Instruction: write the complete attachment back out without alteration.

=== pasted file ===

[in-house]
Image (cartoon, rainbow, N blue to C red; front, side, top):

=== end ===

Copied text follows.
[in-house]
Image (cartoon, rainbow, N blue to C red; front, side, top):